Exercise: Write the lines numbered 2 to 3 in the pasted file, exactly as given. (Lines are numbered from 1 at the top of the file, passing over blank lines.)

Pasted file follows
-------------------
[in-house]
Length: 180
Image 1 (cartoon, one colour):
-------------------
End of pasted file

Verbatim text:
Length: 180
Image 1 (cartoon, one colour):